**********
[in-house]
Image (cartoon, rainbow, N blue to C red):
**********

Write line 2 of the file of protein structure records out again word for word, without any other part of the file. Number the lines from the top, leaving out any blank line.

Image (cartoon, rainbow, N blue to C red):